Learning how to make homemade pie crust from scratch is easy with this step-by-step guide. With helpful photos, tips and recipes, this tutorial will show you how to turn a few simple ingredients into a delicious, flaky crust!
The secret to a great slice of pie is all in the crust! A buttery, flaky crust that holds its shape is key to pie perfection, and this step-by-step guide on how to make a pie crust will help show you how quick and easy it is to do!
The best thing about this easy pie crust recipe is that it uses staple ingredients you probably have on hand already: flour, salt, fat and water. That’s it! With these basic ingredients, you can make a buttery, flaky crust you can use with pretty much any filling.
Not only will we walk you through this easy homemade pie crust recipe, but we’ll also share a few basic tips and tricks to help ensure you get great results every time. We’ve also included a few of our favorite go-to pie recipes, perfect for trying out your new homemade pie crust!
How to Make Pie Crust from Scratch
The great thing about making your own pie crust is that you only need a few ingredients to get started. Better yet, you probably have everything you need already! Let’s break down all our ingredients and why they’re important in this recipe:
All-purpose flour: For best results, use a high-quality all-purpose flour for this recipe. It’s also important to measure your flour correctly to make sure your crust comes out tender and flaky. We suggest the spoon and level method. To do this, use a spoon to fill your measuring cup with flour, then a straight edge to level it off.
Salt: A little salt goes a long way in punching up the flavor of this pie crust. If you’re using salted butter, you can omit adding the salt in this recipe.
Fat: Some pie crust recipes use only butter, some use only shortening, but we use a combination for the best of both worlds! Butter adds flavor and texture, while shortening adds structure.
Both fats should be at the same temperature (very cold!) for optimal use. Keep both fats in the fridge until you’re ready to use them. The small pieces of cold fat will melt as the crust bakes, creating those coveted air pockets, key to a flaky crust.
Ice water: Ice water helps bring everything together. This recipe calls for 8 to 10 tablespoons because the amount you need will vary. You want to add just enough that your dough comes together. Too much and it will be too sticky; too little and the dough won’t hold together.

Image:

To test to make sure you have enough water, squeeze a little bit of the dough in your hand. If it holds its shape, you’re good to go. If the dough crumbles in your hand, add a little more water, one tablespoon at a time, until it’s no longer crumbly.
How to Make Pie Crust
This flaky pie crust recipe can be made in just a few simple steps. One recipe is enough to make one double-crust pie or two open-faced pies.
Step 1: Combine dry ingredients
In a large bowl, stir together the flour and salt. This helps break up any clumps of flour and better incorporates the salt throughout the dough.
Step 2: Cut in the fat
Using a pastry blender or fork, cut the butter and shortening into the flour until your dough resembles cornmeal. Remember, your butter and shortening should be cold, like straight out of the fridge.
If your kitchen is particularly warm, you can pop the butter in the freezer for about 10 minutes to make sure it stays cold throughout the whole process.
Step 3: Add the water
If your dough looks like cornmeal with little pea-sized bits of butter and shortening, you’re ready to move on to the next step – adding the water. The water brings everything together – and a little goes a long way. Make sure your water is ice cold before adding it to the dough.
Start off by adding 8 tablespoons of ice cold water to your dough. Stir until the mixture holds together in large clumps. If your dough still looks dry, add more water, one tablespoon at a time, until it holds its shape.
To make sure you have enough water in your dough, squeeze a little bit of the dough in your hand. If it holds together, your dough is done. If it crumbles apart, add more water.
Step 4: Chill the dough
Divide your dough into two discs. Wrap each disc with plastic wrap and place in the refrigerator to chill, at least 1 hour.
How to Roll Out Pie Dough
When you’re ready to make your pie, lightly dust your work surface and rolling pin with flour. This will prevent the dough from sticking.